You will need to be able to configure your scanning tools to check for “high” vulnerabilities, which will allow you to allocate resources to fix and resolve these issues as part of the normal vulnerability management program and workflow within your environment.
QualysGuard VM, QualysGuard WAS and QualysGuard PCI all work together seamlessly to provide each of these scans capabilities against the same group of assets that represent your PCI scope or CDE.
4. Your scan reports
You will want to produce reports for your internal PCI scope, as defined in #1 of this checklist, both quarterly and after any significant changes. If you have regular releases or updates to your IT infrastructure, you will want to have scan reports from those updates and upgrades. Quarterly scan reports need to be spaced apart by 90 days. In all cases, these reports need to show that there are no “high” vulnerabilities detected by your scanning tools.
Each report for the significant change events will also need to include external PCI scope. QualysGuard VM makes it easy to include both internal and external assets in the same report. QualysGuard VM also provides a direct link to your QualysGuard PCI merchant account for automation of your PCI ASV scan requirements.
QualysGuard WAS allows you to quickly meet your production web application scanning requirement (PCI 6.6) as well as internal web application scanning as part of your software development lifecycle (SDLC), by scanning your applications in development and in test.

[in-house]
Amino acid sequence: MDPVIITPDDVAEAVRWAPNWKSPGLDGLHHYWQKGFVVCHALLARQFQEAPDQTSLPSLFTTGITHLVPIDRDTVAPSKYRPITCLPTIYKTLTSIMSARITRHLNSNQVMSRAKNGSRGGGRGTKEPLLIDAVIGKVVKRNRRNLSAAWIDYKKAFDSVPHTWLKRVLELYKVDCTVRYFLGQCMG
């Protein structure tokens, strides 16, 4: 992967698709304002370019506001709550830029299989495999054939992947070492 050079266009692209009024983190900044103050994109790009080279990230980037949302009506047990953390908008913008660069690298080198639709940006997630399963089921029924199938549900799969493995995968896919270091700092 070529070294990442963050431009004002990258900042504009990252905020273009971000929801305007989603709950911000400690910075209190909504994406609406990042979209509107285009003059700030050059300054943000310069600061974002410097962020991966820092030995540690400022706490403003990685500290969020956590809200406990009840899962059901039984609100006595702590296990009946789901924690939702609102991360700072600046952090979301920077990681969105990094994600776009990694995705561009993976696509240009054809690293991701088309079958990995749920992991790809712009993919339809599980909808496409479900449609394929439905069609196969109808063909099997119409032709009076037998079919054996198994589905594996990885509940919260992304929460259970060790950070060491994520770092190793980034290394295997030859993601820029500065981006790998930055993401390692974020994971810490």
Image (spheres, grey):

If you follow these guidelines you will be well prepared to perform and maintain the required controls for PCI 11.2.
Qualys is a firm believer in the tremendous benefits of sharing information to improve information security. Over the past year, we’ve demonstrated our commitment to industry collaboration with many projects, including the creation of the Ironbee Open Source project, our support of Convergence, and our work with StopBadware. I’m happy to announce today that Risk I/O has joined the community of our partners in sharing.
Risk I/O provides a centralized portal for vulnerability information, reporting, and remediation management. By utilizing the QualysGuard API, Risk I/O makes it easy to get an accurate and up-to-the-minute assessment of your vulnerabilites and share that information using concise charts and reports, improving efficiency and performance of vulnerability management programs. Tickets can be assigned to drive remediation work, and QualysGuard verification scans can be automatically launched to close the loop on remediation activities. Risk I/O can even aggregate QualysGuard results with other standards-based tools in your environment to multiply the value of your data. Since both QualysGuard and Risk I/O are cloud-based solutions, getting started is as easy as signing up for a free trial account. You can read more about the Qualys and Risk I/O partnership on the Risk I/O blog.
We’re excited to work with Risk I/O to help you perform better vulnerability management. Please share your experiences with us; we would love to hear your feedback so we can continue to improve our products and integrations!